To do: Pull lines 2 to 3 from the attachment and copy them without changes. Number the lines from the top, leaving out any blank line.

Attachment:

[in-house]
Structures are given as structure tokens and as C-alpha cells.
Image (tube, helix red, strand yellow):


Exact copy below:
Structures are given as structure tokens and as C-alpha cells.
Image (tube, helix red, strand yellow):